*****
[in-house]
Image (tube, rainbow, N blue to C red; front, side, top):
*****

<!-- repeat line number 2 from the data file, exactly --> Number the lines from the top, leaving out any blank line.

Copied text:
Image (tube, rainbow, N blue to C red; front, side, top):